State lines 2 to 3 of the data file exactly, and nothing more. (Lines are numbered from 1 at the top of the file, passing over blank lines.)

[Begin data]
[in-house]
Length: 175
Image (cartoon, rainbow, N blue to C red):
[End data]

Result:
Length: 175
Image (cartoon, rainbow, N blue to C red):